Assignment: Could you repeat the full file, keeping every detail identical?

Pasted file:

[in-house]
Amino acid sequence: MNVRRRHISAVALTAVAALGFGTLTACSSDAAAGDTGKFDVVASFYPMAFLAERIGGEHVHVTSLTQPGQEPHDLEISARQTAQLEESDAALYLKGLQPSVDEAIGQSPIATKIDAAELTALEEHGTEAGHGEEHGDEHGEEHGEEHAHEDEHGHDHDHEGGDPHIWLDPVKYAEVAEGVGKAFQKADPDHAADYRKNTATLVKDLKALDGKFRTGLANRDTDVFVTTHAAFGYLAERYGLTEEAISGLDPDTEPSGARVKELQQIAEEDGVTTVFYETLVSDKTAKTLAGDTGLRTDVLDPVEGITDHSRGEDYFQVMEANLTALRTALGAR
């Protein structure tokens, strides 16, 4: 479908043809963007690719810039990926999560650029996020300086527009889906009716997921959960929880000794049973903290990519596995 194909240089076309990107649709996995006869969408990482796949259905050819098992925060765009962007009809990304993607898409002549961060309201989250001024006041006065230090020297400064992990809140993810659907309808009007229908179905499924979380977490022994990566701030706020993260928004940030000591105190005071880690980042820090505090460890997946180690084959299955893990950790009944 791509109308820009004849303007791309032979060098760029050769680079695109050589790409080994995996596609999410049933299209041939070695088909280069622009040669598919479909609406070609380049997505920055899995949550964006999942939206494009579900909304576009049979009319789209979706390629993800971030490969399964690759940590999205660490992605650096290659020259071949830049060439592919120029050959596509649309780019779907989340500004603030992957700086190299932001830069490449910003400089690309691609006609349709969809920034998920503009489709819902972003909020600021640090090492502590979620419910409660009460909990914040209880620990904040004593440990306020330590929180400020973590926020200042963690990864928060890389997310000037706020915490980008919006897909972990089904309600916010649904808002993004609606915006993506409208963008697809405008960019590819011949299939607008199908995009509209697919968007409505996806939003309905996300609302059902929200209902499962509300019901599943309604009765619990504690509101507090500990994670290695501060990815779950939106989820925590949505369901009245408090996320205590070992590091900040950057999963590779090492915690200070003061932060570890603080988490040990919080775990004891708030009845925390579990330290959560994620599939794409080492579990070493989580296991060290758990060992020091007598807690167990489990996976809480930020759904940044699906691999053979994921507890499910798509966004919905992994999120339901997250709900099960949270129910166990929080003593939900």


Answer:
[in-house]
Amino acid sequence: MNVRRRHISAVALTAVAALGFGTLTACSSDAAAGDTGKFDVVASFYPMAFLAERIGGEHVHVTSLTQPGQEPHDLEISARQTAQLEESDAALYLKGLQPSVDEAIGQSPIATKIDAAELTALEEHGTEAGHGEEHGDEHGEEHGEEHAHEDEHGHDHDHEGGDPHIWLDPVKYAEVAEGVGKAFQKADPDHAADYRKNTATLVKDLKALDGKFRTGLANRDTDVFVTTHAAFGYLAERYGLTEEAISGLDPDTEPSGARVKELQQIAEEDGVTTVFYETLVSDKTAKTLAGDTGLRTDVLDPVEGITDHSRGEDYFQVMEANLTALRTALGAR
């Protein structure tokens, strides 16, 4: 479908043809963007690719810039990926999560650029996020300086527009889906009716997921959960929880000794049973903290990519596995 194909240089076309990107649709996995006869969408990482796949259905050819098992925060765009962007009809990304993607898409002549961060309201989250001024006041006065230090020297400064992990809140993810659907309808009007229908179905499924979380977490022994990566701030706020993260928004940030000591105190005071880690980042820090505090460890997946180690084959299955893990950790009944 791509109308820009004849303007791309032979060098760029050769680079695109050589790409080994995996596609999410049933299209041939070695088909280069622009040669598919479909609406070609380049997505920055899995949550964006999942939206494009579900909304576009049979009319789209979706390629993800971030490969399964690759940590999205660490992605650096290659020259071949830049060439592919120029050959596509649309780019779907989340500004603030992957700086190299932001830069490449910003400089690309691609006609349709969809920034998920503009489709819902972003909020600021640090090492502590979620419910409660009460909990914040209880620990904040004593440990306020330590929180400020973590926020200042963690990864928060890389997310000037706020915490980008919006897909972990089904309600916010649904808002993004609606915006993506409208963008697809405008960019590819011949299939607008199908995009509209697919968007409505996806939003309905996300609302059902929200209902499962509300019901599943309604009765619990504690509101507090500990994670290695501060990815779950939106989820925590949505369901009245408090996320205590070992590091900040950057999963590779090492915690200070003061932060570890603080988490040990919080775990004891708030009845925390579990330290959560994620599939794409080492579990070493989580296991060290758990060992020091007598807690167990489990996976809480930020759904940044699906691999053979994921507890499910798509966004919905992994999120339901997250709900099960949270129910166990929080003593939900």